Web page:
Judge heads inquiry into long-term care homes
Broader mandate called for by critics
TORONTO — An experienced Appeal Court judge will head a sweeping public inquiry into systemic issues at Ontario’s long-term care homes that may have contributed to the murders of eight seniors at the hands of a longtime nurse.
The province says Ontario Court of Appeal Justice Eileen Gillese will have a broad mandate to review policies, procedures and oversight of longterm care homes and will report to the Attorney General by July 31, 2019.
The inquiry was triggered by the case of Elizabeth Wettlaufer, who pleaded guilty in early June to eight counts of first-degree murder, four counts of attempted murder and two counts of aggravated assault. Her crimes, which took place over the course of nearly a decade in three Ontario long term-care facilities and a private home, made her one of Canada’s most prolific serial killers.
In all those cases, Wettlaufer — who is currently serving a life sentence with no chance for parole for 25 years — deliberately overdosed her patients with insulin.
The judge who presided over her case said the 50-year-old never would have been caught if she hadn’t confessed to the killings while at a psychiatric hospital in Toronto last September. Court heard she had access to insulin and covered her tracks when using the medication to harm her patients.
“My team and I will do our utmost to determine how these events could occur and to make recommendations so that the tragedies of the past are not repeated in the future,” Gillese said.
The inquiry was announced by Ontario’s Attorney General and the Minister of Health and LongTerm Care on the same day Wettlaufer pleaded guilty.
Gillese’s appointment as the inquiry’s commissioner takes effect immediately. It will include recommendations that will improve the safety and well being of senior residents, the province said.
The government has launched a website for the inquiry, which states that investigative work has already begun and public hearings will be held in 2018.
Doris Grinspun, the CEO of the Registered Nurses Association of Ontario, applauded the broad range given to the inquiry’s commissioner.
“My colleagues are crying for an in-depth look at nursing homes to ensure that resources are put in place so that they can deliver the care that they want to deliver.”
The Ontario Health Coalition, a public health advocacy group, is concerned about its duration.
“The government’s mandate for the inquiry gives it two years to conduct its work, pushing the final report and recommendations until well after the next election and media interest has died,” said executive director Natalie Mehra. “This is too long. It means that recommendations will not be forged and acted upon for years.”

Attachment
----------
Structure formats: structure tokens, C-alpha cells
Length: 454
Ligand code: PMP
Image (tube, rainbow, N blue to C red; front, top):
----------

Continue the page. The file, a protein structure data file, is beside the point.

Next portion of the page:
Ontario NDP Leader and Hamilton Centre MPP Andrea Horwath is blasting the governing Liberals for what she calls a missed chance to address many serious issues with long-term care by having an inquiry only look into the Wettlaufer murders.
Ministry of Attorney General spokesperson Emilie Smith confirmed the inquiry mandate is “to inquire into … contributing factors which led to the offences committed by a particular person.”
It means cases like Hamilton’s James Acker, who was attacked and severely beaten in his sleep by another resident on his floor at St. Joseph’s Villa in February and later died, won’t be looked into.
“I think the government missed an opportunity to do the right thing,” said Horwath. “We believe this is an opportunity to have a hard look at what’s happening in long-term care. It’s definitely in crisis,” she added. “Our concern is it (the inquiry) is not looking into the safety of residents and staff and other identified problems.”
While she agrees the Wettlaufer murders need to be looked into, so do other serious problems: “The horror stories being shared by loved ones are too common … we need a full investigation.”
The inquiry needs a broader scope, she said.
One of the areas likely to be scrutinized by the public inquiry is the role Ontario’s nursing regulator played in the Wettlaufer case.
Some details of the College of Nurses of Ontario’s involvement came under the spotlight at a disciplinary hearing last week, where the regulator found Wettlaufer guilty of professional misconduct and revoked her certification.
The college knew Wettlaufer was fired from the Caressant Care nursing home in Woodstock for a medication error in 2014, but she continued to work — and harm patients — until she resigned as a nurse in September 2016.
Caressant Care told the college about the firing.
But the college said it decided not to conduct a formal investigation after interviewing the facility’s nursing director, who the college said identified no underlying issues with the nurse.
By not doing an official investigation, the Caressant Care firing remained private, which meant the public, and other nursing employers, didn’t know about the termination.
Justice Eileen Gillese will lead the independent public inquiry.
The inquiry will look at policies, procedures and oversight of long-term care homes after Elizabeth Wettlaufer admitted killing seniors in her care.